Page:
One of my passions since high school has been science fiction. (Of course, back then science fiction was predicting such things as the discovery of fire, the invention of the wheel, and the domestication of animals. But I digress.) I've been revisiting that past by reading some "Year's Best Science Fiction" short story collections from the late 50s and early 60s. (No, those weren't my high school days. Let's just move on.) It is nice to see that, even after 60 years, these stories hold up quite nicely. And, not surprisingly, the stories reveal that, the more things change, the more they stay the same.
In Judith Merril's 4th Annual Volume of the Year's Greatest Science-Fiction and Fantasy published in 1959, she ended with some science fact pieces. One titled "Man in Space" was a discussion of how well man would survive once in outer space. (Remember, in 1959 no human had made the trip, so there was still a lot of conjecture about what would actually happen.) The article got a lot of things right, and there were a lot of things it missed. (Isn't hindsight wonderful?) But the thing that really caught my attention was a discussion about how humans might handle the solitude of space.
In particular, the following:
"Women have notoriously strong ties to reality, and for this reason, among others, some experts are convinced that they would fare better than men on a pioneering journey through space in cramped quarters. Another reason is that women live longer than men, and some of the envisioned journeys would take an extended period of time; still another is that women could probably weather long periods of loneliness better, because they are more content to while away the hours dwelling on trivia."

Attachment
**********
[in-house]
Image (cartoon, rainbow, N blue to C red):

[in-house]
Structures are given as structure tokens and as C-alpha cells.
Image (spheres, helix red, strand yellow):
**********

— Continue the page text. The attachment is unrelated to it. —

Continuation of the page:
Ouch. That one started out kind of okay, but quickly went off the rails. Unfortunately, I'm not done quoting.
"The cards, though, seem to be stacked against any woman's blasting off ahead of a man. One important officer, Lieutenant Colonel George R. Steinkamp, of the Space Medicine Division at the Air Force School of Aviation Medicine, in San Antonio, Texas, said recently, 'It's just plain not American. We put women on a pedestal, and they belong there.' The pedestal apparently should be anchored firmly to the ground."
Okay, I'll give you a second to recover from that one.
Now, having recovered, let me ask a serious question. Do people still think that way? Do you still think that way? Okay, maybe not in those specific, antiquated concepts. But what preconceived notions, what prejudices, what biases go through your mind when you are interviewing a potential employee who is a female, a young person, an older person, a minority, anyone who is different, or even anyone who is the same as you. And do you even know you are experiencing those biases?
Everyone has blind spots — those areas where preferences, prejudices, tendencies, preconceptions, and biases impact our decision making without us realizing they have, indeed, impacted us. I think internal auditors do a better job than most at recognizing and overcoming those blind spots. After all, one of the major tenets of our profession is objectivity. And the proper application of objectivity requires identifying and eliminating (as best as possible) the blind spots that might impact our ability to provide accurate evaluation and appraisal of the areas we review.